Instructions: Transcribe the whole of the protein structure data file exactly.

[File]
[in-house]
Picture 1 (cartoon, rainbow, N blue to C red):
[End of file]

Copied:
[in-house]
Picture 1 (cartoon, rainbow, N blue to C red):